By developing vast, interconnected networks of great leaders and innovators year after year, Bioneers co-founders Kenny Ausubel and Nina Simons have tweaked the old adage, “It’s not what you know, but who you know.” As the Bioneers community has proven time and again, it’s both what you know and who you know that matters.
Paul Stamets, world-renowned mycologist, author and founder of retailer Fungi Perfecti, credits Bioneers with growing his web of life-changing connections. And it is connections, both human and subterranean, that have formed the foundation of Stamets’ career.
A Biological Network
One of the world’s foremost fungi experts, Stamets has spent more than 40 years studying mushrooms and the intricate underground fungal networks called mycelium. Mycelium play an indispensable role in Earth ecosystems—supporting above-ground fungi but also decomposing organic matter, helping plants absorb nutrients and enabling trees in forests to communicate and share resources. Stamets’ research has enhanced our understanding of these networks, which he refers to as “Earth’s natural internet,” and he sees parallels between this work and the interconnected Bioneers community. He was first introduced to Bioneers in the ’90s when Simons and Ausubel discovered his research and invited him to his first Bioneers conference; a few years later, Stamets received the 1998 Bioneers Award from the Collective Heritage Institute.
“The Bioneers community is great at calling out leaders in their respective fields, many of whom are working independently and unaware of each other,” Stamets says. “By knitting us together as a community, Bioneers does something quite remarkable…Bioneers is creating this biological network of like-minded individuals with very different skillsets. The skillsets are highly complementary. It’s created a symbiosis that I think is leading to some paradigm-shifting changes for the good at a time when we desperately need big solutions.”
The Magic of Mushrooms
In Bioneers, Stamets found an ideal outlet through which to share his findings and connect with people who have inspired him in his work. These connections have helped him spread the word about his research and some of the truly magical and restorative capabilities of fungi.
Take, for example, Stamets’ experimentation with oyster mushrooms. Most home chefs are familiar with these mushrooms’ culinary value. But in the late 1990s, Stamets was able to show that they had incredible chemical-digesting capabilities, too. Recruited by a national laboratory searching for innovative ways to clean up environmentally devastating oil spills, Stamets covered chemical-laden soil with myceliated wood chips. Within weeks, oyster mushrooms coated the soil, which had returned to its normal color and odor and become a haven for birds and plants. Studies showed the soil had been largely decontaminated.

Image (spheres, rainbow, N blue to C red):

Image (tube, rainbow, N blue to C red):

Stamets has also found some mushrooms to be a promising defense against smallpox and the flu and also effective in certain types of pest control. One of Stamets’ most promising projects is related to colony collapse disorder: the widespread death of honeybee colonies in recent years. Stamets’ research has found that feeding specific mushroom extracts to mite-infected honeybees reduced viruses and increased the bees’ lifespans. The USDA is reviewing commercial use of the extracts.
Networks Built on Networks
It’s the development of community and the solutions Bioneers fosters that have garnered founders Ausubel and Simons the 2017 Goi Peace Award, “an international award presented annually to honor individuals and organizations in various fields that have made outstanding contributions toward the realization of a peaceful and harmonious world.”
For more than three decades, Ausubel and Simons have led Bioneers, an organization that has come to be known for its knack in identifying inspirational minds and giving them a platform from which to speak and connect. From that platform and the networks it’s enabled, dozens of groundbreaking ideas have become a reality.
Like the ancient mycelia Stamets studies and works to protect, the Bioneers network is valuable in its ability to breathe possibility into those it touches. “Having this community of voices that are multicultural, multigenerational, it speaks to why the biodiversity of our cultures is so important,” Stamets says. “It’s really refreshing to meet so many people from different ethnic backgrounds and see that we have a lot more in common than our differences.”
Read about Bren Smith, another successful Bioneer: 3D Ocean Farming’s Accelerated Success Through the Bioneers Community.